That is one smoking 20 amp service. Probably unreastic/ theoretical, but technially possible.

    You said that even after you removed DHW electric you could see 100 dollars over and above what you thought might be reasonable.
    you might be looking at 1000KW over what you think you should be paying. That is alot of juice.

    I believe that kind of malfunction could be viewed by killing circuits on your breaker panel and measurment with a pad of paper and a watch. Once you corner it to a circuit you've got it beat.
    Its tough to measure normally, but that kind of draw is significant. I said it once b4, but often times large heating elements have the largest draw in the house. U R sure its not a heating element for a water tank for a horse or maybe a
    renegade toaster right??

    Hope you find it.

    Bill
  5. mikeyny

    mikeyny Feeling the Heat

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    just a couple thoughts on the electric usage. If the fridge is in a cold garage the compressor will draw a significantly more amount of juice. Also, if you remove the electric panel cover you could put a clamp on amp probe on each individual circuit and watch it for a few min and see what happens. You could probably spend half the day monitoring the amp draw on all of your circuits. It might help narrow down the greedy circuit. You can buy one on harbor freight for about 30 bucks I think.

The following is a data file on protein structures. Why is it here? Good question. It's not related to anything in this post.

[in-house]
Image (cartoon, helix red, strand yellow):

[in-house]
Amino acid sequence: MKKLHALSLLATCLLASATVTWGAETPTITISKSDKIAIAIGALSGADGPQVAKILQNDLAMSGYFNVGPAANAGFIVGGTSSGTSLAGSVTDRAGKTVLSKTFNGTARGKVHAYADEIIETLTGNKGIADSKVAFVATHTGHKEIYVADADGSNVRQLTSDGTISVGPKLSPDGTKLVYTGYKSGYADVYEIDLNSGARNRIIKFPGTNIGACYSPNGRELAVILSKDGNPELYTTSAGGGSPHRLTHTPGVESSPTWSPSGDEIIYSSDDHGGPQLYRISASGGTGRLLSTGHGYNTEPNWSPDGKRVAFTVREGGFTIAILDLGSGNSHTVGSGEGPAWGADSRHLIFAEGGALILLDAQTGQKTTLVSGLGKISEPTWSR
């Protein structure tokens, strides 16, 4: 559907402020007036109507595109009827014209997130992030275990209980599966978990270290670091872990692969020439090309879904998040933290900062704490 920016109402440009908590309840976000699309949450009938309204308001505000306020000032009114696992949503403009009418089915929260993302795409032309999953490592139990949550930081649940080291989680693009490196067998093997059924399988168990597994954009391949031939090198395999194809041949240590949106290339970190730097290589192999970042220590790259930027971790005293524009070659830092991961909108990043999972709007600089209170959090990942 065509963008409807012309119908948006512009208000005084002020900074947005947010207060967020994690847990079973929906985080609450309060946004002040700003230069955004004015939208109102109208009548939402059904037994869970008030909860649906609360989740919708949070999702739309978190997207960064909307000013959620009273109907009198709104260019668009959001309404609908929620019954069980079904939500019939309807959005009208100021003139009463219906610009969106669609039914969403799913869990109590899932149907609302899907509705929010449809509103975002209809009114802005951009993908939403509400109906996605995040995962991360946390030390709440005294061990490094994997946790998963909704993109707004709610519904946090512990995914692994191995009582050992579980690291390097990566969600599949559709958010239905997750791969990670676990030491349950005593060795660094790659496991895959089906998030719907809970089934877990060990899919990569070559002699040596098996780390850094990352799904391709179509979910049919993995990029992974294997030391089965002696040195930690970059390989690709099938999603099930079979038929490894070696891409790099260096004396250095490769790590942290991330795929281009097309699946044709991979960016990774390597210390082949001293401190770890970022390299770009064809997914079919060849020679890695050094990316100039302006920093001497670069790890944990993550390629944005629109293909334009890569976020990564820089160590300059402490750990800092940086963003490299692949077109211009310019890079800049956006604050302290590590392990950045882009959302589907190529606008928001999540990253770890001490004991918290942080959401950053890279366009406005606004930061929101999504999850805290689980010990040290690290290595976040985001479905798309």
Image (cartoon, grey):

Mike
  6. sled_mack

    sled_mack New Member

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    That would get my vote as well. You don't need accuracy to the fraction of an amp for this, so you don't need to buy a high end meter.
  7. sled_mack

    sled_mack New Member

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    Let me throw out the 80/20 rule here. Right now, I think he just has the flat plate exhchanger in series of the loop from the boiler. If he does the same with the sidearm, it will provide heat to the tank whenever the house is calling for heat. So with no additional controls, he'll get a decent amount of hot water with just installing the side arm. The bigger the tank, the more likely it will be that he will never run out. He might get 80% of his DHW needs for the least effort? Furthermore, he could try this, and if it's not enough DHW, he could add controls later. The plumbing might not have to change, just the wiring.